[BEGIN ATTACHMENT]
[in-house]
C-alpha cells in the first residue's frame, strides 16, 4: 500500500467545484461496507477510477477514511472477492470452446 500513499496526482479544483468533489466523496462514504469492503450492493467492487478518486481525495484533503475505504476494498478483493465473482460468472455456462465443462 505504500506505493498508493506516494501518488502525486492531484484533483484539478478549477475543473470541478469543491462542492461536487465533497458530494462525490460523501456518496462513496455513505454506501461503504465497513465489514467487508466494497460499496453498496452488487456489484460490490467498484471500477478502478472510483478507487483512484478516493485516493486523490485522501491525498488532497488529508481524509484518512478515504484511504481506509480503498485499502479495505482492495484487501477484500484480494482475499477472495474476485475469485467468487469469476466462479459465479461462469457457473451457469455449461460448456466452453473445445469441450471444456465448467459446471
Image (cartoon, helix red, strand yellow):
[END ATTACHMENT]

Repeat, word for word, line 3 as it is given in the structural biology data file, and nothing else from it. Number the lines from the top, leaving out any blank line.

Image (cartoon, helix red, strand yellow):